On Oct. 3, a group of his friends and supporters will kick off a campaign to create a Northwest Portland memorial to the carrot-topped cartoonist, who died in 2010 at age 59.
Callahan, who drew for WW for 27 years, expressed himself with quivering lines and a blunt, irreverent voice that was often at odds with Portland’s chronic politeness.
A little more than three years ago, Callahan, a quadriplegic, died of complications from bedsores, a constant threat to anyone confined to a bed or wheelchair 24 hours a day.
When he was 21, Callahan was riding in a car with a friend who fell asleep at the wheel. The car crashed into a wall at 90 mph, crushing Callahan’s spine.
Despite extraordinary physical challenges, not the least of which was difficulty holding a pen or pencil, Callahan produced a prodigious body of work: cartoons, books, record albums, two TV shows, and a movie. He infused all of them with a humor that was as black as it was politically incorrect. Callahan was a nonconformist and one of the city’s brightest lights.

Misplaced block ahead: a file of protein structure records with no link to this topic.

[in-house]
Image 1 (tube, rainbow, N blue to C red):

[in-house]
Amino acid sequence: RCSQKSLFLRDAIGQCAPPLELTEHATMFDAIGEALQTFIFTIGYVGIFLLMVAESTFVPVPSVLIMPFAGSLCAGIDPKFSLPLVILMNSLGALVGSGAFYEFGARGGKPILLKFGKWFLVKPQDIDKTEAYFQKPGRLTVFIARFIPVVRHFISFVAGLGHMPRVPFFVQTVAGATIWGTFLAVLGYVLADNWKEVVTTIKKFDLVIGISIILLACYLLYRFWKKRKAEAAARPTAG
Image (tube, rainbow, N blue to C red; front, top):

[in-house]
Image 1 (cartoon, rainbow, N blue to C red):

In an obituary, The Washington Post called him “among the most brilliant and original cartoonists who ever lived.”
Good Samaritan Hospital, in the Northwest Portland neighborhood Callahan called home, has agreed to donate land on Northwest 21st Avenue for the Callahan memorial, and Portland artist Tad Savinar and landscape architect Jesse Stemmler have provided a design—complete with a wall of Callahan’s work.
The kickoff to raise money for the memorial will be held at the offices of Topaz Design, at 1815 NW Overton St., on Thursday, Oct. 3, at 5 pm.
Please join us.